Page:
After some fits and starts (and probably some dashed hopes of more than a few compensation managers), the pay ratio disclosure requirement is finally upon us. Our November 7, 2017, For Your Information covers recently issued SEC interpretive guidance intended to help companies comply with the new disclosure requirement. But there’s more to it than simply complying with the requirement; companies also will need to prepare for the implications of making their unique pay ratio public.
The Compensation Discussion and Analysis (CD&A) section of the annual proxy is typically a point of interest for analysts and shareholders. Starting with the 2018 proxy season, when the new CEO pay ratio disclosure requirements take effect for all companies on a calendar year, it’s expected that the media will pay attention, as well. That means the components of the CEO pay ratio may reach local and national headlines, bringing an unfamiliar concept into the spotlight. For many employees, however, the real news will be the disclosure of the median employee’s compensation. Employees will see quickly if they are paid more or less than the median employee not only at your company but also at other organizations within the same industry or geography. This information may change their perceptions with regard to their current compensation.
So, what can you do to get ready to manage potential reactions from employees? Here are a few questions to consider:
- What do employees know about the company’s compensation philosophy and how their pay is established? What opportunities are available to educate your population before the proxy is released? Does the company have a strong employee value proposition or total rewards statement to shift the focus beyond pay?
- As first-line communicators, managers are often viewed as the most trustworthy source of information for employees. How will you prepare managers to respond to questions they receive? Are they comfortable talking about career and learning opportunities to help employees grow in their careers (and pay)?
- What do employees understand about how the company is structured? Are most employees full-time, U.S.-based? If your business relies heavily on seasonal, part-time or off-shore employees, it’s likely that your median employee’s compensation and CEO pay ratio may look different from competitors that are staffed differently.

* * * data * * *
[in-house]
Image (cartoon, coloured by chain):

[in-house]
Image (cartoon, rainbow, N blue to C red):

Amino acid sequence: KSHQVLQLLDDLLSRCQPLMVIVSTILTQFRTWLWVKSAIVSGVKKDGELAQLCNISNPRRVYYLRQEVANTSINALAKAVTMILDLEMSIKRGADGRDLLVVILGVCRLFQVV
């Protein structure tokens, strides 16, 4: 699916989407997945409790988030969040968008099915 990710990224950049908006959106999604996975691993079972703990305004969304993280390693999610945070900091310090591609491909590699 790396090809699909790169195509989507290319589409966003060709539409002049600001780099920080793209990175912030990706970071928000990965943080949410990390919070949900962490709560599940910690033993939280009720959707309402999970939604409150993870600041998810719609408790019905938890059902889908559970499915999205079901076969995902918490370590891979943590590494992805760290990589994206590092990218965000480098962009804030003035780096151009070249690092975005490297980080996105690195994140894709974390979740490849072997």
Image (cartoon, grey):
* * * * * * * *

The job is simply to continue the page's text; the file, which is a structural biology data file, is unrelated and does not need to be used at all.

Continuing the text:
- How closely linked are the CD&A and internal messages about compensation? What messages will be included in the CD&A and what messages may be better suited to internal communications?
- What is the CEO’s or other senior leader’s normal cadence of communications with employees about pay and performance? Are there opportunities to ramp up messages before the proxy is released?
- Think about groups that may have unique concerns about the pay ratio disclosure. Some examples may include employees with a similar job title to that of the median employee, groups that have employees paid on both sides of the median, and groups that have expressed interest in pay transparency or pay equity. Some employees may be part of collective bargaining units. What special communications needs may they have?
- Even if the CEO pay ratio disclosure doesn’t apply to your company, is your organization prepared to respond to questions about CEO and median employee compensation?
Your company’s CEO pay ratio will send a message to your most important stakeholders – employees, customers and shareholders. But, the ratio is only part of the story – subject to misinterpretation without context. Your company has the opportunity to own its narrative so that all stakeholders understand the intended meaning of the analysis.
And remember that the CEO pay ratio isn’t a one-time disclosure; it will be disclosed in the proxy each year, bringing an annual opportunity to promote the value of being part of the company. In future years, the focus may shift toward year-over-year changes in the ratio and the compensation of the median employee.